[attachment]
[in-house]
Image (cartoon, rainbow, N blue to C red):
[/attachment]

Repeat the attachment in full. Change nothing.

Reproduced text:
[in-house]
Image (cartoon, rainbow, N blue to C red):